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I have started learning multi-threading using C++ 11 and here I have posted the code for thread-safe FIFO queue for multiple producers and consumers.
Though it works fine but I want to know any suggestions,best practices or even any loop hole if you guys can find it.

#ifndef BOUNDEDBUFFER_H
#define BOUNDEDBUFFER_H

#include <thread>
#include <mutex>
#include <condition_variable>
#include <iostream>

// T must implement operator << 

template< typename T>
class BoundedBuffer
{
public:
    BoundedBuffer(size_t size) :m_size(size), m_front(0), m_rear(-1), m_count(0)
    {
        m_queue = new T[m_size];
    }

    void enqueue( const T& obj )
    {
        std::unique_lock<std::mutex> writerLock(m_mutex);

        while ( m_size == m_count )
        {
            writers.wait(writerLock);
        }
        m_rear = (m_rear + 1) % m_size;
        m_queue[m_rear] = obj;
        ++m_count;
        std::cout << std::this_thread::get_id() << " has Enqueued Object =" << obj << std::endl;
        readers.notify_all();
    }

    void dequeue( T& obj )
    {
        std::unique_lock<std::mutex> readerLock(m_mutex);
        while (0 == m_count)
        {
            readers.wait(readerLock);
        }
        obj = m_queue[m_front];
        m_front = (m_front + 1) % m_size;
        --m_count;
        std::cout << std::this_thread::get_id() << " has Dequeued Object =" << obj << std::endl;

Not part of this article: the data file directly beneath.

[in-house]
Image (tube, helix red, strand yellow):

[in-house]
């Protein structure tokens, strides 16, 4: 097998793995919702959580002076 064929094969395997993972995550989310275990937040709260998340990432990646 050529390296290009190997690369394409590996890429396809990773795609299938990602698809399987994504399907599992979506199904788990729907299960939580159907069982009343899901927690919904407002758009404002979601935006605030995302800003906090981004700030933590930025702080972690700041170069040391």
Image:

writers.notify_all();
    }

    ~BoundedBuffer()
    {
        if (m_queue)
        {
            delete[] m_queue;
        }
    }

private:
    size_t m_size;
    T * m_queue;
    int m_front, m_rear, m_count;
    std::mutex m_mutex;
    std::condition_variable readers;
    std::condition_variable writers;
};

#endif
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  1. If the allocation in the ctor throws, the dtor will have to contend with an uninitialized owning raw pointer. In other words, you have Undefined Behavior.

    The minimal fix would be value-initializing m_queue before trying to allocate the memory. Moving the allocation into the ctor-init-list would not work, as constructing a std::condition_variable can throw.

    The better fix would be using a std::unique_ptr<T[]>, and maybe allocating the memory with a back-port of C++14 std::make_unique, though assigning in the ctor-body would then also work.

  2. delete [] pointer; and if(pointer) delete [] pointer differ in exactly one point:
    The second is longer.

    Not that you should have any raw owning pointers.

  3. You know remainder (%) is a fairly expensive operation? And the dividend is in the range [0, divisor] inclusive.

  4. You can suppress the notification of writers if the buffer wasn't full before the call to dequeue().

  5. Likewise, you can suppress the notification of readers if the buffer wasn't empty before dequeue().

  6. You should direct debug-output to std::cerr instead. Which would obviate the need for manually flushing with std::endl.

    Of course, the debug-output should be removed from the release version.

  7. Strictly speaking, one of m_front, m_rear is superfluous because you also have m_count.

  8. It's a curious decision to make m_rear always point to the last object you enqueue()d, instead of past it, and thus adjusting it before you actually copy the object. It means that enqueue() depends on copy-assignment of T not throwing for correctness.

  9. Your decision to use different names for the std::unique_lock in enqueue() and dequeue() threw me for a loop. For a moment I thought there was a reason for them, namely two different mutexes. Better change that...

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